By GENARO C. ARMAS
STATE COLLEGE, Pa. — A message on a postcard from Ernest Hemingway to his father foreshadows the life-changing experiences that would become the foundation for one of the author’s most beloved stories, A Farewell to Arms.
The words on the postcard, dated June 9, 1918, are simple, yet ominous. Hemingway would be shot a month later while serving as an ambulance driver during World War I in Italy. ‘‘Everything lovely. We go to the front tomorrow,’’ he wrote. ‘‘We’ve been treated like kings.’’
The handwritten postcard is part of a collection of 100 telegrams, letters and other correspondence from Hemingway acquired by the Penn State University Libraries from the author’s nephew, Ernest Hemingway Mainland. Some of the material is on display at the university’s Paterno Library.
William Joyce (left), special collections library head, and Sandra Spanier,
general editor, Hemingway letters project, look over a rare Hemingway
book In Our Time, a collection of 18 vignettes published in 1924,
at the Paterno Library at Penn State University in State College, Pa. (Pat Little~AP)
The items represent the last known sizable collection of Hemingway letters still in private hands, said William Joyce, head of the Special Collections Library. Neither the university nor Mainland disclosed terms of the acquisition.
Besides Italy, the dispatches originate from, or prominently mention, other places familiar to Hemingway buffs, such as Pamplona, Spain, which figures in The Sun Also Rises, and Key West, Fla., where Hemingway lived in the 1930s.
One postcard with a picture of the cathedral of Milan, Italy, was addressed to ‘‘Dr. C.E. Hemingway’’ — Hemingway’s father, Clarence Hemingway. A month later, the writer suffered more than 200 wounds to his legs from mortar shrapnel while attending to Italian soldiers in trenches. Hemingway recovered at a hospital in Milan, where he fell in love with a nurse.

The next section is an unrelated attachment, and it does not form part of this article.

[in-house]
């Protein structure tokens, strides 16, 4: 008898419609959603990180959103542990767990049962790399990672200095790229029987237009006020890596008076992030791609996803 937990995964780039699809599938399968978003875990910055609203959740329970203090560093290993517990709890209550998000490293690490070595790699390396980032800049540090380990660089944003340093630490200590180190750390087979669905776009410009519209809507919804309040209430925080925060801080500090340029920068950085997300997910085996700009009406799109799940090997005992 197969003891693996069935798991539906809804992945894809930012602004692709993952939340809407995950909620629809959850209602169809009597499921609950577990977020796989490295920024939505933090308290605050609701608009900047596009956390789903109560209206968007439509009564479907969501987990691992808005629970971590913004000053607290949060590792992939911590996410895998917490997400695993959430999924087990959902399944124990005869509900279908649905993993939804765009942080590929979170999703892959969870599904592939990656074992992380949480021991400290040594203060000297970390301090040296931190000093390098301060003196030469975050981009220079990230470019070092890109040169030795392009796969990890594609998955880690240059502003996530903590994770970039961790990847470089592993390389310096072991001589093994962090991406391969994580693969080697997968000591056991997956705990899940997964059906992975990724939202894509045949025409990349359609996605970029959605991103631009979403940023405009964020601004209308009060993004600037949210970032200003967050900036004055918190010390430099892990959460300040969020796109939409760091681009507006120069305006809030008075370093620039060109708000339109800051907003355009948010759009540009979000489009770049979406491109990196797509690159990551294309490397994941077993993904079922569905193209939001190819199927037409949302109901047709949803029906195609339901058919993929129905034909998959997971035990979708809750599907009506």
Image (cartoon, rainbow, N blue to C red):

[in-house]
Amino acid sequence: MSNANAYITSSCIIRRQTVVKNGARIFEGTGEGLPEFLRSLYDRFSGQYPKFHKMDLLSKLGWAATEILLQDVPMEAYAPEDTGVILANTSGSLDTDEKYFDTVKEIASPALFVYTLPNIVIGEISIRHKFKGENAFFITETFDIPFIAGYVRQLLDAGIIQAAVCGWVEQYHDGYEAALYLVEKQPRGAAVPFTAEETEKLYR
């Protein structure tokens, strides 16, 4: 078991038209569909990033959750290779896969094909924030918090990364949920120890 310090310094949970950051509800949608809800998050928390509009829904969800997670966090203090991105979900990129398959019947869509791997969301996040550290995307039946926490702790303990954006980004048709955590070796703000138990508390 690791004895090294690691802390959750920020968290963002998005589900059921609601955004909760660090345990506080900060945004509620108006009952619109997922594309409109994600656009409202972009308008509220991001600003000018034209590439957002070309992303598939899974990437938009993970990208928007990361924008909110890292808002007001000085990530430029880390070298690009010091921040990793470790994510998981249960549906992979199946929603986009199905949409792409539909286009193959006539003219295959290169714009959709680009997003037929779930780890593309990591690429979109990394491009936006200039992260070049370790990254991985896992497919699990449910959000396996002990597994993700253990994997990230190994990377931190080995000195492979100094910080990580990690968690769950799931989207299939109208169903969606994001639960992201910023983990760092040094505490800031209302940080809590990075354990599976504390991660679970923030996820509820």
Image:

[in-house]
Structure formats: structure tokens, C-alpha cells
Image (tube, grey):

‘‘To see the postcard he sent home, just pinning down the day he goes to the front is very exciting,’’ Penn State English professor Sandra Spanier said with a smile. ‘‘This is the material that got transformed into A Farewell to Arms.’’
Spanier is guest curator for the exhibition and general editor for the Hemingway Letters Project, an effort to publish more than 6,000 Hemingway letters in a 12-volume scholarly edition to be published by Cambridge University Press starting next year.
While Hemingway was known to have rocky relations with his family, the correspondence shows a more cordial tone. The simple, descriptive and often humorous writing may be familiar to avid readers of Hemingway.
‘‘Being as spontaneous as they are, it’s almost like having conversations,’’ Joyce said.
Hemingway referred to his younger sister
Madelaine as "Nunbones." (Pat Little~AP)
This is especially evident in the letters to his little sister Madelaine, a confidante to whom Hemingway refers in letters by the nicknames ‘‘Sunny’’ or ‘‘Nunbones.’’ Madelaine Hemingway collected the letters, which were passed on to her son, Mainland.
‘‘Keep sensible, don’t get tragic and don’t write silly things,’’ Hemingway signed off in one letter written Feb. 19, 1930, to his mother.
‘‘There was a lot of playfulness with language in the family,’’ Spanier said.
Mainland, in an interview from his home in Petoskey, Mich., said Spanier sought him out after learning of the noteworthy cache. The letters stayed in good condition after being kept in a vault. Mainland, 69, said he intended to publish the letters himself but that he was growing too old to wait for the copyright to expire in 2011.
‘‘The reality of me being able to publish these letters — it ain’t going to happen,’’ said Mainland, who now owns Hemingway’s childhood home.
He understands why Hemingway still attracts a following, though he said he was ‘‘sort of cynical’’ about the attention his uncle gets.
‘‘He’s a guy who put his pants on one leg at a time,’’ Mainland said. ‘‘He wrote stories that millions have enjoyed and thousands have made money off of it.’’